Japan Atomic Energy Agency and The Federation of Electric Power Companies of Japan (March 2007)
In order to promote the establishment of a regulatory framework and the implementation of TRU waste disposal, the Federation of Electric Power Companies of Japan (FEPC) and the Japan Nuclear Cycle Development Institute (now JAEA) collaborated and published a progress report in Japanese (hereafter TRU-2) in September 2005. The report here is an English version of TRU-2 and has been published to widely inform overseas researchers and engineers of the contents of TRU-2.
In this report, the characteristics of TRU waste generated from the nuclear fuel cycle in Japan and its disposal concept are shown. The design of the TRU waste disposal facility was evaluated and safety assessments were carried out to show that safety could be validated by comparing with regulatory guidelines in overseas performance assessment reports. Alternative technologies were developed to deal with various geological environments and to improve safety margins in addition to evaluating other disposal concepts. Furthermore, optimisation through co-location disposal of TRU waste and high level radioactive waste was investigated, and an example layout of a co-location disposal concept was evaluated. Based on these evaluation results, future issues and outstanding items on research and development for TRU waste disposal are summarised.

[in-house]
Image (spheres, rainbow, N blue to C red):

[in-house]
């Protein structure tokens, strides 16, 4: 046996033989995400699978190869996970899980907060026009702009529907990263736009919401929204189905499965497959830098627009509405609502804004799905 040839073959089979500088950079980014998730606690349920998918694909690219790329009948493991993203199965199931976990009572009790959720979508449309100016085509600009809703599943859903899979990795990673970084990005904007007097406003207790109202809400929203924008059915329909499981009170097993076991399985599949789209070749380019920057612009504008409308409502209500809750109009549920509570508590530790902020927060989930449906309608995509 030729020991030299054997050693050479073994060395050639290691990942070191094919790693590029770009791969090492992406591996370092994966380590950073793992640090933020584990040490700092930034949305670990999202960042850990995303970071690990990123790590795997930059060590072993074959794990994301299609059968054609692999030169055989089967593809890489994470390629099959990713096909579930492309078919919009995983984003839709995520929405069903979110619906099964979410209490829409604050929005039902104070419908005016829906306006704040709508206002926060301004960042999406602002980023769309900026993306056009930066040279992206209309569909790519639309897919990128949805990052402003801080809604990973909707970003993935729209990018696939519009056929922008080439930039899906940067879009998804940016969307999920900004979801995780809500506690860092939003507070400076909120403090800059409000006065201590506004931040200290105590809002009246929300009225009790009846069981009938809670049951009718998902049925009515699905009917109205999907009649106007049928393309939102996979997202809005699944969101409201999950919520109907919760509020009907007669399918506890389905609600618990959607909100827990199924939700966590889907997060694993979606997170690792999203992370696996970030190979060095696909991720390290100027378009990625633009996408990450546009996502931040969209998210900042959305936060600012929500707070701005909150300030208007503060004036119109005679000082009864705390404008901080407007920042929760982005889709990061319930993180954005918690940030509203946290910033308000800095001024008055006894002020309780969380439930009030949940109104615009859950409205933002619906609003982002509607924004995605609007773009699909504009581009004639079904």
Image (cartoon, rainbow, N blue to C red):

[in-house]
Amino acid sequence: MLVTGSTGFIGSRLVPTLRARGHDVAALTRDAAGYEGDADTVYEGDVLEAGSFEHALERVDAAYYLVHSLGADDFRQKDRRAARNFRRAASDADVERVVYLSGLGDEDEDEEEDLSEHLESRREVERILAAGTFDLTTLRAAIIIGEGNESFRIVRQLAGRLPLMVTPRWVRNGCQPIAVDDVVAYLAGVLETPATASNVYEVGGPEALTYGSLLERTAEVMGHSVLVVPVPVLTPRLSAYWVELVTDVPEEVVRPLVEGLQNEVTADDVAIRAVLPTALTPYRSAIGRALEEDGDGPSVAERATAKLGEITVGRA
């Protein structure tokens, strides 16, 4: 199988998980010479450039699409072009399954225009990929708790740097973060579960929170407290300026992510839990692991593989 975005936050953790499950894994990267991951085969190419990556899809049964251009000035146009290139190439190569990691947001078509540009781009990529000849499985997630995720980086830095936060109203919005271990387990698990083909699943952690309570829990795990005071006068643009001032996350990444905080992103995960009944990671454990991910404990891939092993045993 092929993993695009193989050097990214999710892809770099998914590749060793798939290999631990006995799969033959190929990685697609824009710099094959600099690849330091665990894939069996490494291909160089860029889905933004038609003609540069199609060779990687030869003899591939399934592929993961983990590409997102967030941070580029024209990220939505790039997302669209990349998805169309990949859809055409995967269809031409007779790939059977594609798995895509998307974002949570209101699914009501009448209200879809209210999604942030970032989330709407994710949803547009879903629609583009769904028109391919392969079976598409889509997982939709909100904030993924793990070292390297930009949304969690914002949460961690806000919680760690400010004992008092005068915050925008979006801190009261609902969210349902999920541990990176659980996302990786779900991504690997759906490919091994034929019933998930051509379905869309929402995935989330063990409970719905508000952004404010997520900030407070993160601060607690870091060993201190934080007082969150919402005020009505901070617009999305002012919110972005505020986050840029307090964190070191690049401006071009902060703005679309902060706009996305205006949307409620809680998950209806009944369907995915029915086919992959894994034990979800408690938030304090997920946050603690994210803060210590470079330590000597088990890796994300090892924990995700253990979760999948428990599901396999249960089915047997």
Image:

* JAEA and FEPC equally contributed to this report.
CONTENTS - Click on a chapter title to see/download the contents.
- Executive Summary
- Chapter 1 Introduction
- Chapter 2 Generation and characteristics of TRU waste
- Chapter 3 Repository design and engineering technology
- Chapter 4 Evaluating the safety of geological disposal
- Chapter 5 Outline of the disposal system and safety assessment for concrete vault disposal and intermediate-depth disposal
- Chapter 6 Evaluation aimed at optimizing waste disposal
- Chapter 7 Evaluation of alternative technologies for the TRU waste disposal facility
- Chapter 8 Conclusions and future R&D requirements